On the other hand, if the motivation for a change is from the IT level, or non-IP regulatory level, there might be greater opportunity for achieving forward or backward compatibility.  In actual practice, while backward compatibility is considered and incorporated where possible, we have never considered forward compatibility a desirable goal.  I think this is largely due to the fact that patent data is more document-centric, unlike the CDC example that Roger gave, which is more data-centric.

Ive been reviewing our attempts at change management for XML-based patent publications over the past eight years, and I can think of no occasion when life was simple enough to fit Rogers model.  (There may be such situations, just not in my experience.)  If we succeeded, it was largely because, as Ian Graham said he does, we assessed the impact of a change on the complete life-cycle of the data, within the context of all the layers I described above.  Just last week, we stopped a change that had been planned for nearly a year, because of previously unconsidered consequences for downstream USPTO systems that had no funding to adapt and because the change in the data would have made it arbitrarily diverge from the relevant international standard.

I also want to thank Ian for his elegant phrase, suitably qualified

much less pejorative than crackpot.

Bruce B Cox

Manager, Standards Development Division

US Patent & Trademark Office

The contents of this message are the personal opinions of the author and must not be construed as an official statement of the USPTO.

-----Original Message-----
From: Costello, Roger L. [mailto:costello@mitre.org]
Sent: 2007 December 26, Wednesday 11:09
To: xml-dev@lists.xml.org
Subject: Caution using XML Schema backward- or forward-compatibility as a versioning strategy for data exchange

Hi Folks,

Designing XML Schemas to be backward- or forward-compatible is a

popular approach to data versioning. 

I think some cautions need to be raised with versioning strategies

based on XML Schema backward- or forward-compatibility. 

Below I list the cautions.  Do you agree with these cautions?  Are

there cautions I have missed?


Consider deploying a web service.  Assume the web service has no

knowledge of who its clients are, or how clients use the data they

retrieve from the web service.

The web service uses an XML Schema to describe the syntax of the data

it exchanges with clients. 

The web service uses the following data versioning strategy:

    Each new version of the XML Schema is designed to be


Thus a client with an old XML Schema can validate an XML instance

document generated by the web service using a new XML Schema. 


Given the scenario described, what cautions should be raised on the use

of forward-compatible XML Schemas as a versioning strategy for data



A versioning strategy based on backward-compatibility has the same

cautions. I will not explicitly mention backward-compatibility in the

rest of this message, but bear in mind that the comments apply to it as




Consider a client application implemented to process version 1 data

from the web service.

Suppose the web service changes its XML Schema, in a forward-compatible

fashion.  Will the client application be able to process the new

(version 2) data?

Since the XML Schema is forward-compatible the application will be able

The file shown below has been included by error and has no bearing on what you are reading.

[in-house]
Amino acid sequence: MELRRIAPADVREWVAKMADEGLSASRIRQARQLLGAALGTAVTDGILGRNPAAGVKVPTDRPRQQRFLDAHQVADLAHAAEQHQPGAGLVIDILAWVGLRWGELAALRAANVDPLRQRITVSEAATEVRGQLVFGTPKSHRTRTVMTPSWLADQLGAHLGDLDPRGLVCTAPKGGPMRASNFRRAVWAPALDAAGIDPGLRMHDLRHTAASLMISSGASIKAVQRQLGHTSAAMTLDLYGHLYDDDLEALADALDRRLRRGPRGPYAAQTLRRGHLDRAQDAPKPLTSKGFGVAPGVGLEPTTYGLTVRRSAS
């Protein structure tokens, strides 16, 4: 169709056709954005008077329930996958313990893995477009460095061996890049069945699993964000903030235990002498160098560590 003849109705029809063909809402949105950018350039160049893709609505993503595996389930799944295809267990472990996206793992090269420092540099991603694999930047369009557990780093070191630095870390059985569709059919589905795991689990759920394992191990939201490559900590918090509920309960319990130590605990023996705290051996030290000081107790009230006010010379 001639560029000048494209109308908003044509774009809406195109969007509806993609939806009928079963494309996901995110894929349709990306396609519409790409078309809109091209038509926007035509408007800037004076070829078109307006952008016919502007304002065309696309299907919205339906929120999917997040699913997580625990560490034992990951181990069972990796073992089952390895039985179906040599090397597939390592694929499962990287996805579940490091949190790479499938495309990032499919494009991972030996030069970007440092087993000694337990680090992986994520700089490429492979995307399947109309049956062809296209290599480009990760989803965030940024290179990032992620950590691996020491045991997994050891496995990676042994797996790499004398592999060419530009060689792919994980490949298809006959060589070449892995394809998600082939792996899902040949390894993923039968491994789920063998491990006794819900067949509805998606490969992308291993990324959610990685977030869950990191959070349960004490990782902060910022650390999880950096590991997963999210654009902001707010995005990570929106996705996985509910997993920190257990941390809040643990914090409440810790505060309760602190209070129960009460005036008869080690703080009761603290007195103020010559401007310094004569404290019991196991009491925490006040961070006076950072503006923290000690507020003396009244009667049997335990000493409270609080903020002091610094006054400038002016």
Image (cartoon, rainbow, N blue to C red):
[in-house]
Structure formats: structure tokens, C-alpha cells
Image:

to "validate" the new data. 

But it is not necessarily the case that the application will be able to

"process" the new data. 

Example #1: Suppose in the first version of the XML Schema this




means "distance from center of town."  Accordingly, the client's

application does calculations based on that meaning. 

In the version 2 data the syntax is changed in a forward-compatible

fashion.  In addition, the semantics of the <distance> element is

changed to "distance from town line." 

The client application will be able to validate the version 2 data, but

the calculations will be incorrect.

Example #2: If the version 1 XML Schema defaults the <distance> units

to miles and the version 2 XML Schema defaults the <distance> units to

kilometers then the data will validate but the client's application

will make incorrect calculations.

Lesson Learned #1: Data may change syntactically in such a way that

validation is not impacted, and yet applications break. 

Lesson Learned #2: Just because an application can validate data

doesn't mean it can process the data.

Lesson Learned #3: Forward-compatible XML Schemas yield increased

validation but not necessarily increased application processing.

Lesson Learned #4: There is no necessary correlation between the

ability to validate data and the ability to process data.

Lesson Learned #5: A versioning strategy must take into account:

    1. Syntactic changes

    2. Relationship changes

    3. Semantic changes



Designing a new version of an XML Schema to be forward-compatible with

an old version necessitates that the only changes made in the new

version are "subset" changes, such as:

    - constrain an element's or attribute's datatype

    - reduce the number of occurrences of an element 

    - eliminate an optional element or attribute 

    - remove an element from a choice 

This is very restrictive.  And to what avail?  Answer: to enable

validation of new XML instance documents against an old XML Schema.

But as described above, just because data can be validated doesn't mean

it can be processed. 

Further, for the scenario we have been considering, the web service has

no idea about how its data will be processed by clients.  Accordingly,

there is no evidence that the additional validation provided by

forward-compatible XML Schemas will help clients.

Lesson Learned #6: A versioning strategy based on forward-compatible

XML Schemas imposes limitations on the types of changes; those

limitations may not be consistent with the actual changes needed by an


Lesson Learned #7: Version data based on data requirements rather than

technology limitations.


1. Do you agree with the cautions listed above? 

2. Are there other cautions?

3. Do you agree with the Lessons Learned?

4. Given the scenario described above, is it wise to base a versioning

strategy on forward-compatible XML Schemas?